When Hill Street Blues premiered on NBC in January 1981, nobody quite knew what to do with it.
Critics loved it immediately, but audiences didn’t connect, and that spring, it was moved from Saturday night to Thursday night to Tuesday night with such dizzying speed that The New York Times suggested the network was “bent on killing the series.” By the time the show went off the air after seven seasons in May 1987, it had established itself as perhaps the most influential police procedural ever made, despite never ranking higher than number 23 in the Nielsen ratings.
Hill Street Blues was initially developed for NBC by MTM Enterprises, the production company founded in 1969 by Mary Tyler Moore (for whom it was named) and her then-husband Grant Tinker. MTM hired a pair of up-and-coming television writers, Steven Bochco and Michael Kozoll, to create the show. Both were already established in Hollywood — Bochco had written for Columbo and Kozoll for Kolchak and Switch — and primed for a breakout. MTM gave them enough room to do just that.
The show Bochco and Kozoll created had a setting that, by 1981, was already familiar to audiences. In a 2002 interview with the Academy Television Foundation, Bochco said part of the inspiration for the show came from NBC executive Fred Silverman, who had been impressed by the 1981 Paul Newman film Fort Apache the Bronx and pushed the writers in that direction.
Watch the ‘Hill Street Blues’ Intro
Fort Apache the Bronx sprung from a gritty detective genre that had risen to prominence in the ’70s, ranging from hits like The French Connection, Serpico and Dirty Harry to lesser-known fare like Across 110th Street. It was a film cycle that took place in decaying urban America and tried to articulate the problems of crime and law enforcement created by that environment.
Hill Street Blues put this idea on television for the first time, borrowing plenty of techniques from the big screen and inventing some of its own. It chronicled the lives of police officers working in the Hill Street station in an unnamed American city. (Although it was filmed in Los Angeles, Bochco once noted that in his mind, it was an amalgam of Chicago, Buffalo and Pittsburgh.) Virtually every episode began with a roll call or mission briefing for the officers’ work that day and proceeded to weave between multiple storylines. Some were resolved throughout an episode, while others continued for several episodes or an entire season.
This densely interwoven narrative style was virtually unheard of on television at the time. There were at least 12 recurring characters, including the captain of the station (Daniel J. Travanti), his public defender girlfriend (Veronica Hamel) and the numerous detectives and officers working their various beats. Each had moments in which their personal lives came to the fore, or a case they were working on became the center of the week’s story.
Watch the First-Ever ‘Hill Street Blues’ Roll Call
The show’s complexity spawned numerous descendants. Some are obvious, like Bochco’s own later hit NYPD Blue and HBO’s beloved The Wire. But many are less obvious. The first king of ensemble hospital dramas, St. Elsewhere, was initially advertised as “Hill Street Blues in a hospital,” and it eventually passed the Hill Street Blues torch to shows as disparate as Grey’s Anatomy and Scrubs.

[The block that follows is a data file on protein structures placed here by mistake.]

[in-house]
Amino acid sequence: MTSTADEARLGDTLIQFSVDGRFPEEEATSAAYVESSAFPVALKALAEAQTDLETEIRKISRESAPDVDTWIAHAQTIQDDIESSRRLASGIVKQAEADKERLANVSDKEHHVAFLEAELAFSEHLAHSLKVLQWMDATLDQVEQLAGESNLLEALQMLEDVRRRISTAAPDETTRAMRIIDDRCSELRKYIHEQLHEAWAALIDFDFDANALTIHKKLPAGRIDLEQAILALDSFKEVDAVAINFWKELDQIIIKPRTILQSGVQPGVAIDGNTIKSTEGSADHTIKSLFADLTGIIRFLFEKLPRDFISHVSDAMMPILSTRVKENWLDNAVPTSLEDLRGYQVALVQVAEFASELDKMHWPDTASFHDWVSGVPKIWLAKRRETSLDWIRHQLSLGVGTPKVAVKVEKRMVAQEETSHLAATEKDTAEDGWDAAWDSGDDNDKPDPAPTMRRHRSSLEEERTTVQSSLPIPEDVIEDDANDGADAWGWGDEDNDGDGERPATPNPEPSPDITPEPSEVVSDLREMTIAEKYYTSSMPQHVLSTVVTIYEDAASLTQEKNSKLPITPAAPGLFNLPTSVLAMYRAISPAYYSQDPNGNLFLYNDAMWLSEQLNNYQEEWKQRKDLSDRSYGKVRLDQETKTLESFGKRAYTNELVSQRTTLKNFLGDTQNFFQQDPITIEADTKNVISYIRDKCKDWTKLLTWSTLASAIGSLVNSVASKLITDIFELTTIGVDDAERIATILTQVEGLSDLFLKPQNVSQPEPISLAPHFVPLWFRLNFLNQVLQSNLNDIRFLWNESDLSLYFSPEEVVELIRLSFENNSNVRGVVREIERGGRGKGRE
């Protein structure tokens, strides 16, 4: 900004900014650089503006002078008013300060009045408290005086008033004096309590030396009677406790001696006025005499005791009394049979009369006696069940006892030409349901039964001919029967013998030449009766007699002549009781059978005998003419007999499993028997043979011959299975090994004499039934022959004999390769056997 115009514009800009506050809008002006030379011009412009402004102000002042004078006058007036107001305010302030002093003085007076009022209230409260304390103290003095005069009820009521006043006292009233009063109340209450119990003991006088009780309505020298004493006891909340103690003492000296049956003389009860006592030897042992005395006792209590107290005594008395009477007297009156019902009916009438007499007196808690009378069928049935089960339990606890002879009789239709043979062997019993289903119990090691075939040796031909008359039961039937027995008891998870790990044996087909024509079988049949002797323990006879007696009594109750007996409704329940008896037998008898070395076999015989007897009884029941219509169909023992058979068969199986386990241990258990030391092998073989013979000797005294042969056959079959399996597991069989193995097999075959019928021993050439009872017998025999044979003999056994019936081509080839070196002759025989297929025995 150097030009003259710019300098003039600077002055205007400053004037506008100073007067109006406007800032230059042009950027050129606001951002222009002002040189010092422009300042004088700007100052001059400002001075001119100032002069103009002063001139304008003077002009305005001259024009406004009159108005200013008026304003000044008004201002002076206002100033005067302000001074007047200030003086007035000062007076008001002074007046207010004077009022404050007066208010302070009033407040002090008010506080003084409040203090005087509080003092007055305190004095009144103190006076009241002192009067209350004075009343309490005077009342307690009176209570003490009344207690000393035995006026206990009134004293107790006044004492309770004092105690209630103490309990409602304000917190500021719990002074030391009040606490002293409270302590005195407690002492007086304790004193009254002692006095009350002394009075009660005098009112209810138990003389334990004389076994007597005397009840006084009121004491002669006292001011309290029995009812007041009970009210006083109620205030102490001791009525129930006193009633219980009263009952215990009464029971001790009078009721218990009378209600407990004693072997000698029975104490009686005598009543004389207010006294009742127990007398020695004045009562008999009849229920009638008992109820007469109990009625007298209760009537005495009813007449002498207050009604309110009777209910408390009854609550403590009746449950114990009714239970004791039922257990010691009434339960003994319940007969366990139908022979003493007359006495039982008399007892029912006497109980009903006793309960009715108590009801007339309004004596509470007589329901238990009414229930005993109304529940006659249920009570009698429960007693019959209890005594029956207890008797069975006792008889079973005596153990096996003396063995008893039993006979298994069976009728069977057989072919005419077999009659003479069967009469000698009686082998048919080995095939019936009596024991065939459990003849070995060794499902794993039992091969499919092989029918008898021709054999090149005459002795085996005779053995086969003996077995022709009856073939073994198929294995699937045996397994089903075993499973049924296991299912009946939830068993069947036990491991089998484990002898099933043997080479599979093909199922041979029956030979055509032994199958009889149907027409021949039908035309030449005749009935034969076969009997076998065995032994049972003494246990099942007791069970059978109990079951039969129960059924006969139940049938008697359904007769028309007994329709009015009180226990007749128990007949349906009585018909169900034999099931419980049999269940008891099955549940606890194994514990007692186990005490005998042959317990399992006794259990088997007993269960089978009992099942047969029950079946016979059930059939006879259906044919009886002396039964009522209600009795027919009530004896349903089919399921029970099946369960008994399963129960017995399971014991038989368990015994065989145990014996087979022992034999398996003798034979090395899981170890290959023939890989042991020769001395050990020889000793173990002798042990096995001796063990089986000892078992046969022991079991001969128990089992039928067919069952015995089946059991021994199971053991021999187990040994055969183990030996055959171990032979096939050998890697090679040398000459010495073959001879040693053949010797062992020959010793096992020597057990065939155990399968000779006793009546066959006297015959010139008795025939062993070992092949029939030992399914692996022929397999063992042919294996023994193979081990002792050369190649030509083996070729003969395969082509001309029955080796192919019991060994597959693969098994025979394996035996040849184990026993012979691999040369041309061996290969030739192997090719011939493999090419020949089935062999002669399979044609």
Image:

Similarly, Hill Street Blues‘ disarming blend of drama, wry humor and action (which recalled ’70s big-screen fare like Robert Altman’s M*A*S*H) would become hugely influential, as seen by the success of prestige shows like The Sopranos and Breaking Bad.
Many of Hill Street Blues‘ filmmaking techniques were also borrowed from the big screen. Several sequences used handheld cameras rather than floor-mounted ones, creating an almost-documentary-style feeling, a technique famously employed by director and documentarian William Friedkin in his gritty ’70s action and crime films like The French Connection, Sorcerer and Cruising. Additionally, Hill Street Blues used close-ups of actors and dense sound designs featuring overlapping dialogue to conjure an intensity and realism that had not been previously achieved on television.
Watch Steven Bochco Discuss Filming ‘Hill Street Blues’
In retrospect, Hill Street Blues may have been stronger medicine than ’80s audiences were ready for. Although it received 98 Emmy nominations and won 26 during its seven-year run and became a critical favorite, its popularity never quite matched its acclaim. When it was canceled in 1987, it went out with a whimper. Co-executive producer Jeffrey Lewis told the Los Angeles Times that the show’s cancelation was not due to declining ratings, but the fact that a “handful of the producers, writers and cast members are anxious to move on to new projects.”
Many of them would indeed move on to new things. Series regulars included Jeffrey Tambor, Dennis Franz, Jennifer Tilly and David Caruso, and guest stars ran the gamut from Don Cheadle and Bryan Cranston to Joaquin Phoenix and Forest Whitaker. The show’s writers and producers included not only Bochco and Kozoll, but David Milch (Deadwood) and Anthony Yerkovich (Miami Vice). Collectively, these luminaries have staggering resumes — but arguably, none ever worked on a TV project as influential as Hill Street Blues.
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